Keeping employees for being responsible

by 05 Aug 2008

The Federal Government has signalled a clear commitment to environmental change with the release of its emissions trading green paper. As noted in our lead story, the proposed Carbon Pollution Reduction Scheme is perhaps the most significant economic and social reform the country has seen in 25 years.

While this is just government policy at the moment, business has had a mixed reaction to the green paper. Most executives agree that it is good in theory, but are not looking forward to associated cost, compliance and a raft of other issues.

On a related note, our page four news story examines why companies need to have better corporate social responsibility (CSR) programs in place in order to attract and engage quality staff. A global study found that an organisation’s reputation for social responsibility was viewed by 63 per cent of Australian workers as being more favourable as a driver of job retention. Globally, only 57 per cent of the workforce were favourable about the organisation’s reputation for social and community awareness.

Skill shortages and competition for talent are significant challenges for an increasing number of businesses. So while they may be cringing at the thought of all the extra work that comes with a Carbon Pollution Reduction Scheme, companies should be ramping up their PR and HR teams to work together and let potential candidates know they are in the vanguard of corporate social responsibility.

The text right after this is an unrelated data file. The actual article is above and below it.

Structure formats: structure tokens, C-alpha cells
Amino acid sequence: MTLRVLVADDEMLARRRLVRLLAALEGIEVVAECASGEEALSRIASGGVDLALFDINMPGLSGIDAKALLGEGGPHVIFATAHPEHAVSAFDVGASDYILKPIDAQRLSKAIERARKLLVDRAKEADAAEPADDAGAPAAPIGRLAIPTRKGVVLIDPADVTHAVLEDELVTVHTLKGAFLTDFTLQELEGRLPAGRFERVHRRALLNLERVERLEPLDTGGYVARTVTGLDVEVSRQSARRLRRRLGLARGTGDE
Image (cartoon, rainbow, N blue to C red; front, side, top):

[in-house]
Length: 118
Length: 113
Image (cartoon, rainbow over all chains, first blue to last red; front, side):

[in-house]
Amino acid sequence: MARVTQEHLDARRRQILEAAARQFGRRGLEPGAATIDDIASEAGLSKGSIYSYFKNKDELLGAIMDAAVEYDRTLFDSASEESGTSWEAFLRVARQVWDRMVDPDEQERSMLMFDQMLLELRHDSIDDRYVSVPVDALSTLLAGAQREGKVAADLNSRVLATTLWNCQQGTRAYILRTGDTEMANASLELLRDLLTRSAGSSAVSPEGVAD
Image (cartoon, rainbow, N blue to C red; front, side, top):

This is a very worthwhile chip in the attraction and retention game, especially when it comes to the younger generation. CSR programs are still a “nice to have” for many organisations, and unless executives can see a hard bottom line result, they are often willing to pay just lip service to CSR. However, the point of pain in the Carbon Pollution Reduction Scheme is potentially another point of gain on the talent front.

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